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OTIS REDDING said “that girl stole that song from me," and he was right: “Respect,” a song he wrote and recorded two years earlier, was a vastly different animal in Aretha’s capable hands. Re-recorded on Valentine’s Day 1967, the song was (like so many things) a happy accident that yielded results no one could anticipate, but whose power and impact exceeded expectations.

Unlike other songs that became feminist anthems, such as Helen Reddy’s position paper, “I Am Woman,” Aretha’s “Respect” was a genial hijacking of a song whose origins reinforced male authority. When she lifted it, and imbued it with a new arrangement and tweaked lyrics, it was a kind of poetic justice of the sexes.

NPR reported: “The track was actually a clever gender-bending ... [the] original reinforced the traditional family structure of the time: Man works all day, brings money home to wife and demands her respect in return.

“Franklin's version blew that structure to bits. For one, Redding's song doesn't spell out ‘R-E-S-P-E-C-T’ like Franklin's does. It also doesn't have the backup singers and their clever interplay. So much of what made ‘Respect’ a hit — and an anthem — came from Franklin's rearrangement.”

And what started as a feminist benchmark took on other resonance in the crucible days of the civil rights movement. It was inescapably logical: if a black woman could demand respect from her companion, black people could demand respect from their country. The song’s title, and especially when you spelled it out letter by letter, dovetailed perfectly with the civil rights era (even as it beat James Brown’s “Say It Loud, I’m Black and I’m Proud” to the radio by more than a year).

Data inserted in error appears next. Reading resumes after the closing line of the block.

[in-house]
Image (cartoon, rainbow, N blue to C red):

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She’s always had a sense of timing, in the way she wrote a song or sang a song _ even in the way she made her exit from this plane, on Thursday, Aug. 16, of advanced pancreatic cancer, at the age of 76. Aretha passed the same day as Babe Ruth (in 1948) and Elvis Presley (in 1977).

For the longest time, the only one who could ever reach us was the daughter of a preacher man. And she’s not done reaching us yet. Her funeral is set for Aug. 31, after two days of Aretha lying in honor at the Charles H. Wright Museum of African American History, in Detroit. All that comes before a planned all-star tribute concert set for Nov. 14, at Madison Square Garden in New York.

And NASA reminded us last week how much Aretha will be the celestial body, if not the sun, that brightens our lives into the future. The U.S. space exploration agency, “saddened by the loss,” tweeted late last week that “Asteroid 249516 Aretha, found by our NEOWISE mission and named after the singer to commemorate the #QueenOfSoul, will keep orbiting beyond Mars.”

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ALL RISE. The honorable court of public opinion is in session. It is the judgment of this court that on Thursday, August the sixteenth, the light of our lives was irrevocably dimmed and humbled by the passing from our time and space of one Aretha Louise Franklin, Regent of Emotion, Empress of the Spirit, Voice Among Voices, the Queen of Soul.

It is further the judgment of this court that, by acclimation, from this day forward, songs of any kind, make or description will pale by comparison, and that the symphony of our lives will never sound quite the same again.

So say we all.

Image credits: Aretha: Jack Vartoogian/Getty Images. "Electrifying" album cover: eBay/Columbia Records. Respect 45 rpm label: Atlantic Records. Aretha tweet: @NASA. Theater marquees: @MMFlint.